Organizations have an opportunity to review the entire terrain of communication, decision-making, conflict resolution, and other processes and work to promote authentic collaboration, genuine inclusion, and sustained day-to-day respect. New project teams can be created (or existing ones can be repurposed) to engage in such work, and they need to pull together disparate threads to build coherent, integrated policies and programs. This is far greater than considering, “Do we continue to work remotely?” This is an opportunity to thoroughly examination of who we are, how we work, and how we serve a greater purpose. 

While going through this reinvention, we must never lose sight of the distress of the present moment: Many have lost jobs and are living at the edge of their resources. Many have lost family members to the pandemic or its related fallout, often isolated from loved ones and unable to grieve properly. Many of us face daily dangers going to work, whether at health care settings, serving first responder roles, or working in warehouses and grocery stores. Many of us have lost a life we took for granted only a few months ago, connecting with friends, family, colleagues, and clients in ways that are now unsafe to do. All of us face continuous stress factors that have come from separation from families and friends, protection of our health, and uncertainties around when this health crisis may end.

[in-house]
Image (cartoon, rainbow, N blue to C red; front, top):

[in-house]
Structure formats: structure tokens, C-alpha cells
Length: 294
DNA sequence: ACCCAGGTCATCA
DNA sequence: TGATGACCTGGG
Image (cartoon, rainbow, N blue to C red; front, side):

We must seek ways to connect and reflect, then to develop new ways of working together, and integrating loose threads into the whole cloth of innovation. As discussed in last week’s post, Communities of Practice can serve as critical spaces for such experimentation, as they are safe spaces that facilitate sharing across organizations and perspectives. CoP’s are uniquely positioned to serve such a learning purpose during this pandemic. When we are able to process our sense of loss, uncertainty, and anger, we can then open ourselves to embrace the fragility of this moment and make critical connections. We are not alone

There are other strategies to be sure. As leaders, we must listen to those we serve and understand how best to lead them as a result. If we approach this overwhelming situation with compassion, generosity, humility, and integrity, we can get through this and emerge better as a result. Facing this overwhelming moment can be frightening, but if we may transform it into a chance to breathe fully in this present moment together, this crisis may become a gift. 

Let us pray we have the wisdom to do so.


Published by Harry Webne-Behrman

I am a facilitator, mediator, educator, and consultant specializing in addressing complex challenges and disputes within organizations. I bring over 40 years experience to this work and offer two recent books, What Matters at Work (2020) and What Matters in This Moment (2021) to these efforts.